Friday, April 24, 2015

My Own Copy

Oh, my gosh!

I have not been this excited since we discovered hidden treasure behind the wall in Boy#1's room. (Have I ever told you that story? It was really, really, exciting, but it's not today's story.)

After I posted yesterday and friends and Much Older Sister chimed in with their own recollections of Betty Crocker's Cook Book for Boys and Girls, the wrinkles in my brain activated and I suddenly remembered that the very BCCBFBAG cookbook MOS and MomQueenBee had used in the 1950s was in a bookshelf in my sewing room.

This morning I pulled out that book and realized that my brain wrinkles had been only partially correct. This is indeed a BCCBFBAG, but not the BCCBFBAG. It must have been one I picked up in a thrift shop decades later because this one is in pristine condition.

This page, the one with the recipe for Butterscotch Brownies?

The original MOS/MQB version would have been stiffened with splashes of vanilla and drips of egg white. (What? We were preschoolers. We were not perfect. Yet.)

I'm sure the pages had been pulled out of their bindings and grubby hands had put smudges all over the pictures. But those pictures? Still perfect.

Paintbrush Cookies. You cannot imagine the hours I spent believing I would be able to duplicate these miniature works of art. They were Tiffany glass made with Faberge eggs.You might think I was greatly disappointed that when our mom finally let us try paintbrush cookies they were definitely Picasso. Also, inedible. But I wasn't disappointed--all of these recipes were magic.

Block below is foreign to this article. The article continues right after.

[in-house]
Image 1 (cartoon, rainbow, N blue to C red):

There's the drum cake. People, it's a cake decorated with peppermint sticks and maraschino cherries. In fact, here are the directions in their entirety: "Bake cake in layers as directed on Betty Crocker Chocolate Devils Food Cake Mix package. Frost cooled cake with Betty Crocker Fluffy White Frosting Mix."

This is not cooking, it is product placement.

And still? In spite of the product placement, the dashed dreams, the recipes that include Canned Peas De Luxe ("the liquid from the can makes the flavor of the peas better"), I love this book. Just looking at the picture of the Igloo Cake transports me back to a day when I was standing beside Much Older Sister packing brown sugar and unwrapping butter (oleo, in our frugal household) for butterscotch brownies. We were five and six years old and cooking was a brand new adventure.

It was a very long time ago.

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